You don't need a sophisticated algorithm or large database to calculate how many pennants (zero) that Billy "Moneyball" Beane has won in 15 years running the Oakland Athletics. But even if data-driven scouting hasn't brought rings to the diamond, sabermetrics remains influential. Authors Viktor Mayer-Schönberger and Kenneth Cukier don't believe the data revolution will stop at baseball or airfare. In Big Data: A Revolution That Will Transform How We Live, Work, and Think (Houghton Mifflin Harcourt—also my publisher—197 pages, $27), they stop just short of calling for the end of the methods used at grade-school science fairs and Nature alike. "Causality won't be discarded, but it is being knocked off its pedestal as the primary foundation of meaning," they write.

Their argument: In an age of almost unlimited data, it's better to find correlations than to bother understanding why they should be so. (Who cares how lead poisoning works? Just stop drinking from lead cups.) Most examples—Beane excluded—are mildly persuasive, but also ignore our desire for meaning. "More trumps better," they argue while praising the ingenuity of Wal-Mart placing Pop Tarts next to hurricane supplies. This is popular science for people who appreciate how the humble hot dog repurposes pork slurry. Wow, perhaps; but, also, ick.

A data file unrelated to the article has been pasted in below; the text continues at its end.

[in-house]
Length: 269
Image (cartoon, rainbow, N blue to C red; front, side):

GO:Big Data's authors appear on Friday, March 15, at Powell's City of Books, 1005 W Burnside St. 7:30 pm. Free.